Media Localism – The Value of Regional and Rural Radio in Australia

Jones, Ashley P. ORCID: https://orcid.org/0000-0003-1014-6196 (2021) Media Localism – The Value of Regional and Rural Radio in Australia. In: 2021 Australian and New Zealand Communication Association Conference: Communication, Authority and Power, 7 July - 9th July 2021, Melbourne, Australia.

[img]
Preview
Text (PowerPoint Presentation)
ANZCA Media Localism JONES 2021.pdf

Download (654kB) | Preview

Abstract

Radio holds a significant role in regional, rural and remote parts of Australia. The notion of ‘local radio’ has been challenged with the inclusion of network radio models into these places along with the take up of social media platforms. This paper will explore what it means to be local in this context, what type of radio service endures in these markets and to what extent they are successful. Arguably, radio is an integral part of the social structures in the geographical place and offers a synergistic relationship within the community. The notion of 'local' affords the market, in most cases, local news, information programs and community service information. Against a globalised understanding of the world, local is a contested concept. In this context local is geographically defined and is fiercely upheld by these local communities served by a variety of local radio stations. In the midst of the more recent reformation of the media industry in Australia, local content continued to be a significant element for consideration and protection. The policy outcomes identify the value placed on local, in the regional and remote communities. Governments around the world are challenged with the tension of maintaining a local presence for media against a national media model. The UK and USA have been champions of maintaining a local voice on the international stage. This paper will focus on some key Queensland regional and rural centres, specifically Roma, Charleville, Longreach and Winton, responses to the place of media in their community. I will discuss findings from some baseline data gathered in these communities. I have used both qualitative and quantitative methods to provide baseline data. These sites are of interest as they are representative of many locations around Australia in terms of climatic and economic impacts, as well as the loss of local media sources. Local communities are seeking a robust local voice and the changing mediascape offers little comfort to this important part of Australia. What is being sought, some current models and concepts for consideration will be provided in this paper.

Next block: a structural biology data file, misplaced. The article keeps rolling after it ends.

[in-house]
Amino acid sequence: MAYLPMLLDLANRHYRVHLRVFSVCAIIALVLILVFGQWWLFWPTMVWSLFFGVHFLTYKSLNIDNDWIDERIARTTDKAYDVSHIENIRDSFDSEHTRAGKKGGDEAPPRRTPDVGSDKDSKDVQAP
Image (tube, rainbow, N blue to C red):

Statistics for USQ ePrint 46863
Statistics for this ePrint Item
Item Type: Conference or Workshop Item (Commonwealth Reporting Category E) (Speech)
Refereed: No
Item Status: Live Archive
Additional Information: Virtual conference.
Faculty/School / Institute/Centre: Current - Faculty of Business, Education, Law and Arts - School of Humanities and Communication (1 Mar 2019 -)
Faculty/School / Institute/Centre: Current - Faculty of Business, Education, Law and Arts - School of Creative Arts (1 Mar 2019 -)
Date Deposited: 16 Mar 2022 04:43
Last Modified: 16 Mar 2022 04:57
Uncontrolled Keywords: local radio, regional radio, localism
Fields of Research (2008): 20 Language, Communication and Culture > 2001 Communication and Media Studies > 200104 Media Studies
Fields of Research (2020): 47 LANGUAGE, COMMUNICATION AND CULTURE > 4701 Communication and media studies > 470106 Media industry studies
Socio-Economic Objectives (2008): C Society > 95 Cultural Understanding > 9502 Communication > 950204 The Media
Socio-Economic Objectives (2020): 22 INFORMATION AND COMMUNICATION SERVICES > 2205 Media services > 220504 Radio, television, film and video services
URI: http://eprints.usq.edu.au/id/eprint/46863

Actions (login required)

View Item Archive Repository Staff Only